The bulk of Cacti servers that are accessible via the internet has not been updated to address a severe security flaw that was just patched and is currently being actively exploited. Censys, a platform for managing attack surfaces, reports that only 26 out of a total of 6,427 servers were fully running a patched version of Cacti (1.2.23 and 1.3.0).
Affected versions of the open-source, web-based monitoring tool are vulnerable to CVE-2022-46169 (CVSS score: 9.8). A compilation of authentication bypass and command injection that allows an unauthenticated user to carry out arbitrary code. SonarSource was the source of the initial information on the vulnerability, which affects versions 1.2.22 and lower. On December 2, 2022, the problem was reported to the project maintainers.
Unpatched Versions Of Vulnerabilities In Cacti Servers
Stefan Schiller, a SonarSource researcher, stated earlier this month that “a hostname-based authorisation check is not performed correctly for most installations of Cacti,” and that “unsanitized user input is transmitted to a string used to execute an external command.”
The Shadowserver Foundation and GreyNoise have issued warnings about malicious assaults coming from one IP address with a location in Ukraine due to the vulnerability’s public publication, which has also resulted in “exploitation attempts.”
Brazil has the most unpatched versions (1,320), followed by Indonesia, the United States, China, Bangladesh, Russia, Ukraine, the Philippines, Thailand, and the United Kingdom.
Active Exploitation Of SugarCRM Flaw To Drop Web Shells
The development occurred while SugarCRM released patches for a vulnerability that had been made public and was actively leveraged to infect 354 different hosts with a PHP-based web shell, according to a separate advisory from Censys.
The flaw, identified as CVE-2023-22952, relates to an instance of incomplete input validation that may allow the injection of arbitrary PHP code. Versions 11.0.5 and 12.0.2 of SugarCRM both address it.
In the attacks described by Censys, the web shell is utilized as a conduit to carry out extra commands with the same permissions as the person operating the web service on the infected machine. Infections have been documented primarily in the U.S., Germany, Australia, France, and the United Kingdom.
It’s typical for hostile actors to utilize recently discovered vulnerabilities to launch attacks; thus, users must act swiftly to remedy the security gaps.
6,427 Cacti Servers Exposed On The Web
The developer fixed the vulnerability and also offered guidance on avoiding authorization bypass and command injection. The same month, technical information regarding the problem and potential uses for it, along with proof-of-concept (PoC) exploit code that may be used in assaults, began to surface.
A top code quality and security provider, SonarSource, technologies, published a technical write-up of their discovery and a brief video illustrative of the vulnerability on January 3. The Shadowserver Foundation’s security researchers discovered malware-delivery attempts throughout the same day.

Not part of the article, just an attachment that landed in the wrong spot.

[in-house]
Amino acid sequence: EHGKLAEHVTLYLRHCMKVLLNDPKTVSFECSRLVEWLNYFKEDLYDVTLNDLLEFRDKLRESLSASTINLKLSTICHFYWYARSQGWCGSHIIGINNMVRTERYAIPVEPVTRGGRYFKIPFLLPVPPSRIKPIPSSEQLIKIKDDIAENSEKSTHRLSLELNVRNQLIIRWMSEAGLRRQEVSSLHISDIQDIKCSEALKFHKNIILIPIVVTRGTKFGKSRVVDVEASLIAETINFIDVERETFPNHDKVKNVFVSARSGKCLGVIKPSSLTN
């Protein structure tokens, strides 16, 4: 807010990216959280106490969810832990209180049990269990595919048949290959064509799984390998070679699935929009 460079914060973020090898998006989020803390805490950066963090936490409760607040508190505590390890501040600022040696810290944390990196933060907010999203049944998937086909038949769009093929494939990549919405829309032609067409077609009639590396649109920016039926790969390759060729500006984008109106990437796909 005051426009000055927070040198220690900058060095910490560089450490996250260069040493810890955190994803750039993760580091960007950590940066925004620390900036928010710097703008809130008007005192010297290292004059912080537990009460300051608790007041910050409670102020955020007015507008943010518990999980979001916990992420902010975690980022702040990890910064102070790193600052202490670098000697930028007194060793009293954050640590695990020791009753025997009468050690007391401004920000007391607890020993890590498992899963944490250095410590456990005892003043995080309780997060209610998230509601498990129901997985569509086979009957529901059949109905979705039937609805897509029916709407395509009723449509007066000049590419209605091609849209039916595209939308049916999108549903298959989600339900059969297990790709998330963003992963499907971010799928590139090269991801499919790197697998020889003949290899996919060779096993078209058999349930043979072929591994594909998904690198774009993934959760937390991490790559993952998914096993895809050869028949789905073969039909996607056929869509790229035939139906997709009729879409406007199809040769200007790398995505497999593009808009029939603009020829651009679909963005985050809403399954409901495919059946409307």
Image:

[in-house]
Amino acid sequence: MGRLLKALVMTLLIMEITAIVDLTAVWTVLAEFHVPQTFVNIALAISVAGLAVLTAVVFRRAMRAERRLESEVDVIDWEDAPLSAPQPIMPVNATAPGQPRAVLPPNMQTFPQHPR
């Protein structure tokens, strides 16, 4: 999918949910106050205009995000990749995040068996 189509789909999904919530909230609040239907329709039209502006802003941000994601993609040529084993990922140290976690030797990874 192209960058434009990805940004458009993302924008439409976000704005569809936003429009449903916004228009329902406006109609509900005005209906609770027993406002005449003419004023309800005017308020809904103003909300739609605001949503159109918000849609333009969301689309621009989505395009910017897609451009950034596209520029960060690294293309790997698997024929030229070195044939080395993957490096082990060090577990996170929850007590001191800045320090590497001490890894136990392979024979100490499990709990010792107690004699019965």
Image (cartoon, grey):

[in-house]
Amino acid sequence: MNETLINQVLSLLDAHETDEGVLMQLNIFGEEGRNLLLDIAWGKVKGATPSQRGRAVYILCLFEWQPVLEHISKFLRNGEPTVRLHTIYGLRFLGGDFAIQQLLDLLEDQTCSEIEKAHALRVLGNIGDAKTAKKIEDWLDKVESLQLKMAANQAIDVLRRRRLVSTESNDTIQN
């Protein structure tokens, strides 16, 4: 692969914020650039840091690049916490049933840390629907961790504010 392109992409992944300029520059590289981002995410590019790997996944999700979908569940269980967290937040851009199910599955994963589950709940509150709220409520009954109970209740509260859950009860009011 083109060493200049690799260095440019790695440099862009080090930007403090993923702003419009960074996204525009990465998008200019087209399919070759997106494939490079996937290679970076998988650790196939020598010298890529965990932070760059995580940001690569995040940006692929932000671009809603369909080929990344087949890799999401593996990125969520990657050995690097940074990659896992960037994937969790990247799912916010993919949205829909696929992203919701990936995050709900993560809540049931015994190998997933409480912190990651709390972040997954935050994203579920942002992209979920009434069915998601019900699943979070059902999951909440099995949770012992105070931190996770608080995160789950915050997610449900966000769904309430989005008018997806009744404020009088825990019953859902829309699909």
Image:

The number of exploitation attempts for the CVE-2022-46169 vulnerability in Cacti grew last week, according to data gathered by Shadowserver researchers, and the current total is less than twenty. At first, the exploits set up botnets using malware like Mirai. IRC botnet (PERL-based). This opened a reverse shell on the host and was ordered to perform port scans, another exploit that was installed. The more recent attacks are only scanning for weaknesses.
There are 6,427 Cacti hosts exposed on the web, according to research from the Censys attack surface search platform for Internet-connected devices. However, it is only sometimes feasible to tell how many of them are running a vulnerable version or have updated. However, the business was able to identify 1,637 Cacti hosts that were accessible through the internet and were CVE-2022-46169 susceptible. A large number of these hosts (465) were running the monitoring program’s April 2021 release version 1.1.38.
Only 26 Cacti hosts were running an upgraded release that was immune to the significant issue out of all the Cacti hosts for which Censys could determine the version number. From an attacker’s point of view, accessing an organization’s Cacti instance gives them a chance to discover the kinds of devices on the network and their local IP addresses.
Hackers benefit from this kind of information because it gives them a clear picture of the network and the hosts they might target in an effort to establish a foothold or move on to more valuable systems.
Most Cacti installations exposed to the internet still have a critical-severity command injection vulnerability that is being used in attacks. Cacti is a front-end application for the RRDtool data logging tool. It is a web-based network monitoring and graphing application that is open source and provides an operational monitoring and fault management architecture. Early in December 2022, the tool’s developers made available patches for CVE-2022-46169. This is a critical severity (CVSS score 9.8) command injection flaw that might allow unauthorized attackers to carry out code on the Cacti server if a specific data source was used.